It’s easy to fall into negative thinking patterns and spend time bullying yourself, dwelling on the past, or worrying about the future. It’s part of how we’re wired—the human brain reacts more intensely to negative events than to positives ones and is more likely to remember insults than praise.
During tough times, negative thoughts are especially likely to spiral out of control. When these thoughts make something out to be worse in your head than it is in reality, they are often called “thinking traps”.
Think of a different way to view the situation.
If your negative thought is “I can’t do anything right,” a kinder way to reframe it is, “I messed up, but nobody’s perfect.”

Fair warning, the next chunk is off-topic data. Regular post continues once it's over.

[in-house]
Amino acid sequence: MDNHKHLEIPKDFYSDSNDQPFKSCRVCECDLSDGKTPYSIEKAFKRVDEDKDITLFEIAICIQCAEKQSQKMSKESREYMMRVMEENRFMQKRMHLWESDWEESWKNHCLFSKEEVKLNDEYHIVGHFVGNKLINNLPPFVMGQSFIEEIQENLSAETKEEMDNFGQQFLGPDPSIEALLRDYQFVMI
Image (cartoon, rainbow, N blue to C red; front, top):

Or a more constructive thought is, “I messed up, but now I know to prepare more for next time.”
It can be hard to do this when you’re feeling down on yourself, so ask yourself: What would you tell your best friend if they were saying those things about themself?
The things you do impact how you feel—what actions can you take to combat your negative thoughts?
Give yourself evidence that these thoughts aren’t entirely true.
When you catch your inner dialogue being mean to you, make yourself say something nice to balance it out. This may feel awkward in the beginning.
Your thoughts and feelings are valid, but they aren’t always reality. You might feel ugly, but that doesn’t mean you are.
Oftentimes, we can be our own worst enemies—other people are seeing us in a much nicer light than how we see ourselves.